After struggling to grow its business in China in recent years, Revlon Inc. said Tuesday it will exit the country and trim 1,100 jobs as a result.

This story first appeared in the January 2, 2014 issue of WWD. Subscribe Today.

The decision marks the first major change in strategy under the company’s newly installed chief executive officer Lorenzo Delpani, who joined Revlon through its October acquisition of The Colomer Group.

As early as last spring, Revlon warned analysts that its business in China was strained, and since then the company has worked to reduce inventory levels there as sales have slowed.

In April, Chris Elshaw, Revlon’s executive vice president and chief operating officer, told Wall Street analysts during the company’s first-quarter earnings call that in the second half of 2012, the company’s sales in China began to decelerate as the economy slowed. At that time, he said Revlon began “proactively reducing inventory with our distributors.”

The actions continued throughout the year. In July, Elshaw told analysts, “Our consumption is soft in China. There are a lot of changes in the marketplace. It’s a very mixed picture….We’re really focusing on who are our core customers there, how can we partner with them to drive productivity in the store — because in China, it’s really a question of productivity.”

On Tuesday, the beauty firm said in a regulatory filing with the Securities and Exchange Commission, or Form 8-K, that the restructuring of operations will result in job losses primarily in China, including 940 beauty advisers retained indirectly through a third-party agency.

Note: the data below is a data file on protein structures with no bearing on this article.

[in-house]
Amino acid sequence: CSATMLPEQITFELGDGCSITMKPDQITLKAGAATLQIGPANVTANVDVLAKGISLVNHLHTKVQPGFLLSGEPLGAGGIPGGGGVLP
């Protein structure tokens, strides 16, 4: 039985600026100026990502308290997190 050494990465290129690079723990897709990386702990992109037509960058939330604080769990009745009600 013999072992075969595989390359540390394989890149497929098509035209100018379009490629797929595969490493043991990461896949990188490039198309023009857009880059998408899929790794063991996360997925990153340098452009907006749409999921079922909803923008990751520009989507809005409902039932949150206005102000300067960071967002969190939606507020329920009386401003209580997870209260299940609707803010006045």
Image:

The company said it expects to incur about $22 million of pretax restructuring and related charges, such as severance costs and sales markdowns and inventory write-offs. It expects to record a charge of $20.9 million in December 2013, and the balance during 2014.

The restructuring actions are expected to generate annualized cost reductions of $11 million, with $8 million to benefit 2014 results.

In 2012, Revlon did not break out its sales in China, but the company’s net sales in Asia Pacific gained 2.4 percent in 2012 to $238.9 million, compared with $233.4 million in 2011. Excluding the favorable impact of foreign currency fluctuations, net sales increased 1.9 percent in 2012, driven by higher sales in Japan and certain distributor territories and offset by a decrease in net sales in China.